Tuesday, June 30, 2009

High-maintenance parenthood, part 2

Despite shrinking families and dramatic increases in women’s time spent in the workforce, the amount of time married parents spent with children rose from 1975 to 2000. ... Linking twelve time use surveys between 1965 and 2007, we show that the increase in time spent with children occurred starting in the mid-1990s. We also show that the increase in childcare has been twice as great for college-educated parents. ...

The first leading explanation argues that because parenthood is mostly voluntary now, individuals can choose whether and when to be parents. This selection effect suggests that parents are now more likely to be individuals who enjoy interacting with children, and hence to spend more time on childcare. Our findings continue to hold, however, even when we consider time spent in childcare averaged over all adults. Thus, compositional changes in the population of parents cannot explain our results.

Second, time spent in childcare may be positively related to income. If this is true, one could explain both the rise in overall childcare as well as the increase in the college differential. We test this explanation and find that once we control for education, there is no quantitatively significant relationship between income and time spent in childcare. Thus, the effects of rising income cannot explain the trends.

As a third possibility, heightened safety concerns induce parents to accompany their children in their activities and to substitute structured activities for the free, unaccompanied play on neighborhood streets that was the norm in earlier times. According to this explanation, there has been a form of “negative technological progress” in raising children. But trends in crime rates and parents’ perceptions of safety correlate negatively with trends in childcare, which is at odds with this explanation.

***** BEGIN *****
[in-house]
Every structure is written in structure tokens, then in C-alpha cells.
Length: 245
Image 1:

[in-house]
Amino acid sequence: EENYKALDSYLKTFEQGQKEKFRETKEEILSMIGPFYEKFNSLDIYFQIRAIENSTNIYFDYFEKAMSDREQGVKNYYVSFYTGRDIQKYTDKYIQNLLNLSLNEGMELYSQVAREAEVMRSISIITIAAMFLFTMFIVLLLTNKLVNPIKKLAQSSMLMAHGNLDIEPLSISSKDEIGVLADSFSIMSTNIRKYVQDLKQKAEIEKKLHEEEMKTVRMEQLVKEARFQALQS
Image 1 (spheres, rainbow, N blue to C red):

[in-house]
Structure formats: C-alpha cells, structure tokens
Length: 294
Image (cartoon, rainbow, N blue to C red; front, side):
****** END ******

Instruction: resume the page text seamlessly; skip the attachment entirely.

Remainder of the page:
A fourth possible explanation may be that childcare is best classified as leisure because it generates high enjoyment. We show that surveys of enjoyment of basic childcare in 1985 and in the mid-2000s do not support this notion. We also show that our trends are robust to the exclusion of the high enjoyment childcare activities involving playing with children.

A fifth explanation is that parents’ work schedules are more flexible, so that they can spend more time with their children. However, we find that the greatest increases in childcare time occurred among nonworking mothers.

The inability of existing explanations to account for the evidence leads us to offer a new explanation for the upward trends. We argue that the increase in time spent in childcare, particularly among the college educated, may be a response to an increase in the perceived return to attending a good college, coupled with an increase in competition in college admissions. Importantly, the size of college-bound cohorts rose dramatically beginning in the early 1990s, coincident with the increase in time spent on childcare. ...

We provide support for this explanation by comparing childcare trends in the U.S. to those in Canada. The U.S. and Canada are similar in many respects, but differ in two ways that are key to our explanation. First, Canadians do not experience the intense rivalry to gain admission into higher rated colleges. Second, the returns to a college degree have increased much less in Canada. ... Employing time-use data from Canada’s General Social Survey, we show that time spent in childcare by educated parents in Canada changed very little over this period, corroborating our theory.
--"The Rug Rat Race," by Garey Ramey and Valerie A. Ramey. HT: Freakonomics blog

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